We’ve pitched camp on the bank of a brook in what seems the forest primeval near Buesch Lake Washington. It’s August 22, 2011, and a light mist is falling. A storm is moving in. I’m re-hiking most of the Pacific Crest Trail in the state of Washington with my long time hiking friend, Richard Birss. When I completed the PCT last year, I was a man on a mission. I didn’t know when winter would set in to claim the Cascades and shut us thru hikers out till spring and I wanted to finish what was for me an epic adventure, so I hiked fast and furious, continuing the pace we had set in Oregon where we regularly hit thirty mile days and more.
That was too fast to really enjoy the Northern Cascades, which were the first mountains on our trail which rivaled the High Sierra in beauty and sheer magnificence. The weather had been a mix of lovely and horrible and for days we saw nothing but fog as we climbed in and out of dripping clouds. But when they broke, the vistas of mountain after mountain, layered to the horizon, had just floored us. We spent three days in a drizzle on the slopes of Glacier Peak, reputedly on of the most beautiful parts of the PCT, and saw nothing. On the fourth day, and at a distance of many miles, the clouds finally cleared and we couldn’t believe what we had been missing. I vowed to come back.
Wolf Taffy, (also known as Brian, who had worked at a wolf preserve in Oregon for some time where he earned his trail name) had called me a few weeks ago and offered to do “trail magic” for me when I got to Washington this year, and sure enough he had met me this morning to drive us for over four hours to our trail head at White Pass, just east of Mount Rainier. Wolf Taffy is a twenty-six year old wilderness educator from Missouri, a former Appalachian Trail thru hiker who had hiked with me from just north of Ashland Oregon to the Canadian Border last year. He’s also a musician, playing trumpet and guitar among other instruments and had entertained us with his ukelele on trail in the evenings. When we got tired of the constant rain, he’d teach our whole group some goofy kid’s dance during a rest break, and for a bit, our spirits would lift, and the rain didn’t seem to matter. He was great with troubled kids. After all those miles he’s become a good friend and got his trail angel wings today on that long drive.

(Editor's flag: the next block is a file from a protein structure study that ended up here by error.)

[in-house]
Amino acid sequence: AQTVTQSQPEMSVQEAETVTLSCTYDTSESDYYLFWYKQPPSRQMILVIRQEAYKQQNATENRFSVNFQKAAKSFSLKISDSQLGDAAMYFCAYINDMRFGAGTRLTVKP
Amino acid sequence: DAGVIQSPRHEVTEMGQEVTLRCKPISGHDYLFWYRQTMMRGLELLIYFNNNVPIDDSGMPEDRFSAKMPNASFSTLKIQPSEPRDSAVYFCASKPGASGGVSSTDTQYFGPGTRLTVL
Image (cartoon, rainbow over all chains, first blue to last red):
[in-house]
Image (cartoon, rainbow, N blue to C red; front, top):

Richard is a friend of thirty years with whom I’ve hiked the sierra, the Wonderland Trail around Mount Rainier, and the West Coast Trail on Vancouver Island. He’s a hell of a hiker, and he’s also good with troubled kids, being a retired probation officer, so I guess any misbehavior on my part is pretty much taken care of with friends like these.
The day has been ominous with clouds, gathering and dispersing, sun and shadow dancing together as we drove from Seattle to the mountains. As we made our dinners and pitched our tent, I felt the first cold mist on my legs. I’m typing now as the rain comes down ever so lightly, a quiet background sound like a brush on a drum, softly underscoring the music of the brook and the occasional loud plop of a tree drop on the taught skin of the tent. These are the sounds of a night forest just on the edge of storm, soothing as sleep takes the reins.
Five am and the rain has stopped. Every so often a wind picks up and shakes the trees bringing on a new cascade of drops, but by six fifteen when we hit trail, the needles have been wrung dry. We leave camp in the early morning light, the tall, thin timberline spruce and hemlock, ghostly shadows in the fog that blows across the meadows and tarns. We’re high enough to be in a cloud. As the day dawns, there are streaks of pink and blue and in a few hours we’re hiking in a full on sunny day.